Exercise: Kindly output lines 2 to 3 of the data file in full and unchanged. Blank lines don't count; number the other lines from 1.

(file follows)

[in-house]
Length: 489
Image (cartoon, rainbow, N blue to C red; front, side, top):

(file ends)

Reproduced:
Length: 489
Image (cartoon, rainbow, N blue to C red; front, side, top):